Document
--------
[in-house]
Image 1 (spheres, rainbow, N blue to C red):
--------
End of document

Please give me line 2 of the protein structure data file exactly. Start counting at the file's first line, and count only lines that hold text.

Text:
Image 1 (spheres, rainbow, N blue to C red):